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How San Diego Restaurants Are Dealing with the Plastic Problem

The final piece in the single-use plastic series harnesses insight from local restaurateurs

By Troy Johnson

Plastic is a big problem. As I explored in my first article on the subject, scientists have started calling our oceans “plastic soup.” British Prime Minister Theresa May calls it one of the biggest environmental dangers to our planet. So I dug deep, took a 10-day no-plastic challenge, bought some bamboo utensils, reusable mugs and water bottles, proposed a ban on single-use plastics for San Diego. Most importantly, I took the pulse of San Diego restaurateurs. What are they doing with the issue? How feasible are ecologically friendly alternatives for the mom and pop restaurant?

It’s been a few weeks of exploration for myself, and it changed me in significant ways. My cups are always washed and ready to go with me out of the house, my silverware will always be washed and ready (actually, that’s a half truth because I need to get a new to-go set for my computer bag, since housekeeping at a hotel thought my bamboo utensils were trash and threw them out). I encourage everyone to do a little research into the plastic problem facing America (and the world), and act if compelled to. This is my last piece on the series—a collection of observations from San Diego restaurateurs and those familiar with their operations.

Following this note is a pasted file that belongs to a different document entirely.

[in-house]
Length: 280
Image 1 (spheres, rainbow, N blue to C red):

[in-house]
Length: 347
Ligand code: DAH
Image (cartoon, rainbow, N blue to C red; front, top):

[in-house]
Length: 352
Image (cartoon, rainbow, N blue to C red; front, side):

OBSERVATION: Going eco is expensive for restaurants. Restaurants work on some of the smallest profit margins in American business. The desire is there in most cases; the cashflow, on the other hand…

Willy Eick, Exec chef of Mission Ave Bar & Grill: We looked into sustainable straws, and now only do straws upon request. Plastic costs about .5 cents per straw when a better alternative is roughly 2 cents. We looked into investing into metal straws, but can’t find an option that makes sense, plus the risk of theft is high. So going straight to no straws is, cost wise for restaurants and bars, the best option. Most people haven’t asked for straws, so it seems the awareness is getting out there. I tried getting rid of plastic bags at 608, however customers got pretty upset that they had to carry their boxes if it were more than two, and most of the time we would try to find a large cardboard box to fit them all—not to be cheap but to not have plastic used, and that was met with resistance as well.

Trish Watlington, former owner of Red Door and founder of Farm to Fork San Diego: We had the same issue with cost at The Red Door and ended up going to upon request-only. Although I think if we’d really discouraged straw use we might have made the math work out. Stainless straws are just asking to be stolen.

OBSERVATION: For some restaurateurs, they don’t question the cost, because the core of their business model is green. Even then, plastic wrap gets in the way.